In early 2013, a home recorded demo entitled Trust Me… I’m A Genius by three brothers from Bath surfaced and quickly began doing the rounds, with Lily Allen’s ITNO label snapping them up. Will, Ollie and Tim Walter had been around for several years in various guises, most notably as a The Darkness inspired outfit going by the name of Rock Pirates.
A rebirth as The Family Rain coincided with their new focus as the stabilisers came off after their ‘learning’ period. After a string of singles, the band have now finalised their full length debut after its four week recording at the famous Berlin Hansa Studios, under the guidance of Arctic Monkeys and Kasabian producer Jim Abbiss.
The demo had showcased the band’s musicianship and ability to build a decent, short two minute rock track that sat somewhere between one of their more recent influences (The Black Keys) and some of the more energetic ’90s bands such as Supergrass. Growing up listening to The Beatles and more fittingly The Rolling Stones has also helped define their sound, although they state that their identity cannot, intentionally, be pinned down to a single specific genre. A recent cover of Depeche Mode’s classic Enjoy The Silence proved that their influences are wide ranging but despite claims, their sound is undeniably that of blues rock, with obvious (if lofty) comparisons being Kings Of Leon and The White Stripes as well as The Black Keys.
Three singles have since followed as 2013 saw their live shows gain much recognition, particularly following stints as support for two of last year’s biggest solo acts, Miles Kane and Jake Bugg, with festival appearances and their own headline tour completing a busy year.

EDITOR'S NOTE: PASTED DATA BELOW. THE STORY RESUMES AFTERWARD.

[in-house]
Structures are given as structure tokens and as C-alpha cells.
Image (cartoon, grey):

Tracks such as album opener Carnival, with its upbeat, energetic tempo, driving bass and decent guitaring prove that the band clearly possess the seemingly limitless energy and power to exhilarate an expectant crowd in a live setting. But on Under The Volcano, there’s a nagging feeling of ‘not quite enough’ already evident.
Of the singles, Feel Better (FRANK) is the most enjoyable: a manic drum pattern, pounding bassline and raucous guitar combine neatly alongside one of the band’s better, but still not completely satisfying choruses of “and it’s supposed to make me feel better, it’s supposed to make me all right”. Reason To Die sounds less upbeat, built around a doomy bassline and guitar to match but again it superficially sounds better than it probably is, even containing Kasabian-like wailing as more influences appear.
Pushing It is a bouncy fist pumping effort that fails to explode. It isn’t bad, it isn’t great either. Together is the only song in the collection to top four minutes, lulling the listener in with a quiet blues rock intro before developing into one of the more memorable and sonically pleasing moments, but oh for a killer chorus – yet again, it’s so near yet so far. And the blues rock stomp of Binocular will undoubtedly prove a live highlight with the chorus a likely sing-along moment, if an unspectacular one.
A 1947 Malcolm Lowry novel gave the band the album title and it would appear to have inadvertently summed up the whole effort. The brothers have created something that will probably end up bubbling under the mainstream, without completely erupting. When Ollie Walter yells “Don’t Waste Your Time on me, I will only let you down” it will be easy for the cynics to agree, such is the lack of originality here. But should they hone those hooks and melodies, and perhaps attempt to channel that live energy further, then there is no reason why this volcano cannot erupt in the future.